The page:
In response, UCL Press is currently developing a new programme of open access textbooks, for undergraduate and postgraduate courses and modules, across disciplines. The new textbook programme will be the first OA textbook list in the UK and builds on the success of the Press’s publishing output and the significant increase in requirements for digital resources, in a changing teaching and learning environment. The programme offers the Press an opportunity to showcase and promote teaching excellence across a broad range of fields and contribute to the open culture UCL is continuing to build.

In this webinar we will discuss in more depth, why and how UCL Press are creating their open access programme and the opportunities, practicalities, and benefits of committing to, publishing and disseminating home-grown textbooks.

We will also focus on other initiatives and projects from UCL and from around the world to provide a forum for lively discussion about open access textbooks and education resources more broadly.

We encourage you to join us to hearing more about this programme and other OA initiatives, please register online.

Thursday 28th October 4-5pm – Opening data & code: Who is your audience?

To achieve the potential impact of a particular research project in academia or in the wider world, research outputs need to be managed, shared and used effectively.

Open Research enables replicable tools to be accessible to a wide audience of users. The session will showcase three projects and discuss the potentials of reuse of data and software and how to adapt to different types of user.

Join our speakers and panel discussion to:

  • understand the potential of sharing your data and software
  • learn about how projects share their software and data with different audiences and how they tailored their open data & code to different audiences appreciate the needs of different types of user (e.g. industry based, policy maker, citizen scientists)

Please register online.

UCL Open Science Conference 2021 – Programme now available

Kirsty26 March 2021

Thank you once more to everyone that submitted their ideas to the Call for Papers – we had so many and are so grateful that we have been able to create a packed programme.

All of the information about our Keynotes was revealed back in January, but we can now reveal the full programme and our 4 panels!

Day 1: Monday 26th April

Time Title
13:00 – 13:10 Welcome, housekeeping
13:10 – 13:40 Open Science – looking to the future
Jean-Claude Burgelman
13:40 – 13:55 Open Science at UCL – looking to our future
Paul Ayris
13:55 – 14:10 Q&A Discussion
  Break
14:20 – 15:00 Future of Open Science panel
15:00 – 15:15 Panel Q&A
  Break
15:25 – 16:05 Technical solutions panel
16:05 – 16:20 Panel Q&A
16:20 – 16:30 Summary and close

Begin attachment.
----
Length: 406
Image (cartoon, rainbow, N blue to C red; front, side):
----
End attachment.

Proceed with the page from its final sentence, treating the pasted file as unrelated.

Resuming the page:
Day 2: Tuesday 27th April

Time Title
13:00 – 13:10 Welcome, housekeeping
13:10 – 13:30 Count-erproductive? The role of metrics in the advancement of Open Science
Lizzie Gadd
13:30 – 13:40 Q&A
13:40 – 14:00 Toolkit for Transparency, Reproducibility & Quality in Energy Research
Gesche Huebner & Mike Fell
14:00 – 14:10 Q&A
  Break
14:20 – 15:00 Reproducibility, Transparency & Metrics panel
15:00 – 15:15 Panel Q&A
  Break
15:25 – 16:05 Citizen science panel
16:05 – 16:20 Panel Q&A
16:20 – 16:30 Summary and close

Download the Draft Programme and details of all of our panellists (pdf)

Get your tickets now!

Announcement: UCL Open Science Conference 2021

Kirsty11 December 2020

As part of our Focus on Open Science programme, the team in the UCL Office for Open Science & Scholarship is pleased to announce their Spring conference, taking place on the afternoons of the 26th and 27th April 2021.

We invite responses to a call for papers, open until 28th Feb 2021. We welcome applications for lightning talks across a number of themes related to the 8 pillars of Open Science. The aim of the Open Science events is to add to a global community of practice in Open Science activity so please do share your insights into and use of Open Science policy and practice with the wider scholarly community.

The call for papers is open to all interested parties, both inside UCL and from the wider community, but priority will be given to internal applications from UCL members and we particularly welcome applications from Research Students and Early Career Researchers.

Our themes are as follows:

  • The future of Open Science
  • Technical solutions
  • FAIR Data
  • Reproducibility and Transparency
  • Citizen Science
  • Responsible metrics

Call for papers closes: Feb 28 2021.

Successful papers notified: week beginning 15th March 2021